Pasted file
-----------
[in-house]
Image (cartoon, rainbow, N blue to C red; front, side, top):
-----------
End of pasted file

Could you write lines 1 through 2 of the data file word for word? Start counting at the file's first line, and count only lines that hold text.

[in-house]
Image (cartoon, rainbow, N blue to C red; front, side, top):